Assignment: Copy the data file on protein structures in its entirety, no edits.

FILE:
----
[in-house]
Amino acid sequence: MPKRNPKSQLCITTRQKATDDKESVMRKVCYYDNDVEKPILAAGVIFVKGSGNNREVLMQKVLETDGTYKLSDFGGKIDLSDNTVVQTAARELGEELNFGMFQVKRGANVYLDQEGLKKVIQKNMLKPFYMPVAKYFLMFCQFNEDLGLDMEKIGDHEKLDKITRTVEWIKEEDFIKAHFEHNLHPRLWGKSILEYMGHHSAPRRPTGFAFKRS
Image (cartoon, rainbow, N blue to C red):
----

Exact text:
[in-house]
Amino acid sequence: MPKRNPKSQLCITTRQKATDDKESVMRKVCYYDNDVEKPILAAGVIFVKGSGNNREVLMQKVLETDGTYKLSDFGGKIDLSDNTVVQTAARELGEELNFGMFQVKRGANVYLDQEGLKKVIQKNMLKPFYMPVAKYFLMFCQFNEDLGLDMEKIGDHEKLDKITRTVEWIKEEDFIKAHFEHNLHPRLWGKSILEYMGHHSAPRRPTGFAFKRS
Image (cartoon, rainbow, N blue to C red):